by Lyle Griner
I asked, “How have you been using the skills we are working on?” I had been working with this group of high school youth for several weeks. Silence. I pushed the question further and waited.
Finally, one girl said, “I don’t think this really counts, but Friday night I went out with a friend. I haven’t seen her for awhile. Her parents are split up, probably getting a divorce, I just thought it would be good to spend some time with her.”
“It counts!” I declared. “That is it!” One by one, each of the youth had illustrations of listening, caring and welcoming.
The real Aha moment hit while driving home that night, “We have all kinds of people doing ministry every day. We just forgot to tell them it counts.” Taking notice of her friend’s situation, her compassion, her taking action… is not that the real front line of ministry. That is leadership!
Recently Peer Ministry became Peer Ministry Leadership.
Adding Leadership is intentional. It is a way of expanding Christian leadership beyond microphones and committees. We assume that Christian leaders are those who speak or sing into microphones, or those elected or appointed to committees and boards. These are roles we see and hear. I am not suggesting they go away; they are important roles and callings. However, the roles of microphone and committee people exist to organize, edify, inspire, and gather all of us so that we may daily live a Good Samaritan style of leadership, those whose acts of kindness really count.
Peer Ministry Leadership, this Good Samaritan kind of leadership, is a lifestyle of caring, welcoming and affirming every neighbor. We believe that all are called to a vocation of loving others, as a response to a loving God, through a relationship with Jesus Christ.
Following is a list of outcomes that we wish for every Christian. Don’t read too fast. Digest them slowly.
DESIRED OUTCOMES for Peer Ministry Leaders:
OBSERVANT: Alert to the needs of others
PML is about being able to see the needs of others, whether that is in one’s family, school, community, nation, or globally. Often we become aware when our observation triggers an inner tug, possibly the Holy Spirit prompting us to say a welcoming “Hello.”
TAKES ACTION: Uses skills and confidence, led by a compassionate heart
As needs are recognized, the Peer Minister does not pretend to not see or cross to the other side of the road. Instead the PML follows his or her heart to take action. Action becomes easier as skills for caring and welcoming are practiced. PMLs learn it is better to do something, rather than nothing.
UNLIKELY: Welcomes and cares, while feeling inadequate and unlikely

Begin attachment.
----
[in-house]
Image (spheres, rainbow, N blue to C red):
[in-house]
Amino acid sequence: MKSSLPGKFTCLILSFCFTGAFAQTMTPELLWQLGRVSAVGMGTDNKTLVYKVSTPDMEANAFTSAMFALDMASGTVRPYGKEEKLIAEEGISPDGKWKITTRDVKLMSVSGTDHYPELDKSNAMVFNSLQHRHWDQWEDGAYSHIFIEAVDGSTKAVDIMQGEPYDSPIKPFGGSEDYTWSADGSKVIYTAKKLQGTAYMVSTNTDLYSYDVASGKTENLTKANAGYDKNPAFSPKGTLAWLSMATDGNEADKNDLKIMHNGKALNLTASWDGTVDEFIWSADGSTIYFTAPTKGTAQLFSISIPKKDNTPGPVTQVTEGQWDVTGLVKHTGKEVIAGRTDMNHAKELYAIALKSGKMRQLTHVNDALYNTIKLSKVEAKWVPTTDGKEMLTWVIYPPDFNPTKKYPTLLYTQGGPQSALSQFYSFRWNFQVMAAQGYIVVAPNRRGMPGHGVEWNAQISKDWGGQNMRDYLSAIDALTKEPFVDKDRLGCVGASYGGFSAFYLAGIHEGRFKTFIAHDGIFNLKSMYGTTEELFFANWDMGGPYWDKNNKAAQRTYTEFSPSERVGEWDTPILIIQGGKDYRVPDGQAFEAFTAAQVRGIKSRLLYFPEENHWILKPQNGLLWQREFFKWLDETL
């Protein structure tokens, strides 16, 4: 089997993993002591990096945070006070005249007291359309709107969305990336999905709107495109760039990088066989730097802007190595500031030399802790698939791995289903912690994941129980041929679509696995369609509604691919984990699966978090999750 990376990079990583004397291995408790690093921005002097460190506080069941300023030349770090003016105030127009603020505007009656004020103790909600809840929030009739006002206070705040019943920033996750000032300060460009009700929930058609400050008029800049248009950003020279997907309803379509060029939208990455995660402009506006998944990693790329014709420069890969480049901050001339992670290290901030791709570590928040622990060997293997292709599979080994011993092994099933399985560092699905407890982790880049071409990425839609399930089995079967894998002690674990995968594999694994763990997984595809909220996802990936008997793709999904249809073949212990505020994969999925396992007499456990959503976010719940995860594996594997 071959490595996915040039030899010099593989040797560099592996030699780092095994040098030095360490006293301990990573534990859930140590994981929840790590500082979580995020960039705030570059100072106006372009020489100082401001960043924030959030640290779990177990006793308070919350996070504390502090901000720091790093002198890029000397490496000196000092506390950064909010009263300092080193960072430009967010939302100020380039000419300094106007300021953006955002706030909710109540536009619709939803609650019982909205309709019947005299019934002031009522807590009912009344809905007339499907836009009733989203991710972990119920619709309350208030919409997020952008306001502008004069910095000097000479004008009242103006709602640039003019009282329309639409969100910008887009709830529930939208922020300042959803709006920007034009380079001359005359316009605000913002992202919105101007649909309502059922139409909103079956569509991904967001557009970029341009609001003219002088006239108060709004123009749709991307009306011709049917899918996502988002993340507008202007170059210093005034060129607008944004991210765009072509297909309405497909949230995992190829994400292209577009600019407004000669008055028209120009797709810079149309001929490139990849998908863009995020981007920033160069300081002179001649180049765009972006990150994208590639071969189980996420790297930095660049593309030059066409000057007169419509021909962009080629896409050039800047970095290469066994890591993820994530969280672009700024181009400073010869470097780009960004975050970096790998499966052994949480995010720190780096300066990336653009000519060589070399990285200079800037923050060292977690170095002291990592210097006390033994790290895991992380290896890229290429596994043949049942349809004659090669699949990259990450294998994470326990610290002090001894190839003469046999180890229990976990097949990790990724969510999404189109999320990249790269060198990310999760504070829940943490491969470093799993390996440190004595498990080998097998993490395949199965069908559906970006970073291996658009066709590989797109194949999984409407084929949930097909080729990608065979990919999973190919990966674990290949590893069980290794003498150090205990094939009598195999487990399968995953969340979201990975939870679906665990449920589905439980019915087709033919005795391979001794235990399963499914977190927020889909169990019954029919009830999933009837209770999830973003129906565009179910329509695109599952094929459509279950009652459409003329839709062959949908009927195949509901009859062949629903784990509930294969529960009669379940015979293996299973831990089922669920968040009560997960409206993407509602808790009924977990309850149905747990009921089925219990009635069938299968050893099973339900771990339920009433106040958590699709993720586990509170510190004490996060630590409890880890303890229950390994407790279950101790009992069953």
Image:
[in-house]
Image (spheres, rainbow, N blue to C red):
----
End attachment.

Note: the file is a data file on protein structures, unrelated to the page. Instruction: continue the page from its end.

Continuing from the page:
No excuses are made for being too young, too inexperienced, too busy, unqualified, or even too hurt or wounded from our own life situations. There is no one who has all the confidence, training or qualifications. Where there is a need, it is the person present who gets to be the first to offer welcome or help.
COMES CLOSE: Listens patiently and explores what is the real need
PML is not about fixing someone; it is about coming close, caring enough to hear and letting a person make choices that best fit him or her.
SACRIFICE: Willing to risk group security to give help
Caring and welcoming is not always the popular thing to do… even in the church! Caring and welcoming means accepting and including. This sometimes threatens a group’s norms. Insecure people might make fun of caregivers. Even friends may ask, “Why are you talking to him (or her?)” Be assured, caring is always noted, often admired and always the right thing to do.
CROSSES BARRIERS: Gives help to others, no matter their clique, culture, color or creed
Jesus knew that using a Samaritan in his story would raise eyebrows and even make some listeners angry. Many believed there are no good Samaritans. Caring and welcoming has no barriers, including cliques, race, age, sex, religion or other differences.
SEEKS HELP: Guides others to “innkeepers,” people who can help
Even the Good Samaritan takes the victim to someone who can help. The Good Samaritan is just the bridge to the longterm caregiver, the Innkeeper. We do not have to be everything for a hurting person. We are often the short term connection, needed to get the person to another who can help. Ministry is not meant to be a solo experience. We need the support of others including clergy, counselors, doctors, and trusted, capable adults.
How do we pass these outcomes on to others? They do not come just through reading them, or just from a sermon, or even from a PML training session. They are relational faith skills learned with face to face practice, mentored and modeled, lived in an intentional culture of people caring, welcoming and affirming every day, everywhere and in every relationship.